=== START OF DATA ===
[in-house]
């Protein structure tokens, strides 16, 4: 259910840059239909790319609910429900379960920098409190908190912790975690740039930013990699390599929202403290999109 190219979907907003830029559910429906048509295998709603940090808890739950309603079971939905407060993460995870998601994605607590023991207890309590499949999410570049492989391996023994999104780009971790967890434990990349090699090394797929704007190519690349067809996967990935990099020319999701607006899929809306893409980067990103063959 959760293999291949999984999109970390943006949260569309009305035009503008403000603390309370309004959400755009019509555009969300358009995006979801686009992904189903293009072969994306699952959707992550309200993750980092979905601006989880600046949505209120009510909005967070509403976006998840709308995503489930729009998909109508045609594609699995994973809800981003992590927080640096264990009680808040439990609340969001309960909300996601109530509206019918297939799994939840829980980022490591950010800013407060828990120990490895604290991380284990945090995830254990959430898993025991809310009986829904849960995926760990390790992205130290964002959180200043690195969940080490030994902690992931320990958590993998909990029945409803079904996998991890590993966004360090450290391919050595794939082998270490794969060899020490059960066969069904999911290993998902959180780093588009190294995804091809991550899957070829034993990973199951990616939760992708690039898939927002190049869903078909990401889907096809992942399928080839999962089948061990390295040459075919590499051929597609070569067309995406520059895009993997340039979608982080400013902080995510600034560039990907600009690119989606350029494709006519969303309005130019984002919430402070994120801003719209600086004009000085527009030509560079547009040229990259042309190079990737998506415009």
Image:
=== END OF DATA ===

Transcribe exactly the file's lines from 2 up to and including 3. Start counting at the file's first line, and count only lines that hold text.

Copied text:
């Protein structure tokens, strides 16, 4: 259910840059239909790319609910429900379960920098409190908190912790975690740039930013990699390599929202403290999109 190219979907907003830029559910429906048509295998709603940090808890739950309603079971939905407060993460995870998601994605607590023991207890309590499949999410570049492989391996023994999104780009971790967890434990990349090699090394797929704007190519690349067809996967990935990099020319999701607006899929809306893409980067990103063959 959760293999291949999984999109970390943006949260569309009305035009503008403000603390309370309004959400755009019509555009969300358009995006979801686009992904189903293009072969994306699952959707992550309200993750980092979905601006989880600046949505209120009510909005967070509403976006998840709308995503489930729009998909109508045609594609699995994973809800981003992590927080640096264990009680808040439990609340969001309960909300996601109530509206019918297939799994939840829980980022490591950010800013407060828990120990490895604290991380284990945090995830254990959430898993025991809310009986829904849960995926760990390790992205130290964002959180200043690195969940080490030994902690992931320990958590993998909990029945409803079904996998991890590993966004360090450290391919050595794939082998270490794969060899020490059960066969069904999911290993998902959180780093588009190294995804091809991550899957070829034993990973199951990616939760992708690039898939927002190049869903078909990401889907096809992942399928080839999962089948061990390295040459075919590499051929597609070569067309995406520059895009993997340039979608982080400013902080995510600034560039990907600009690119989606350029494709006519969303309005130019984002919430402070994120801003719209600086004009000085527009030509560079547009040229990259042309190079990737998506415009």
Image: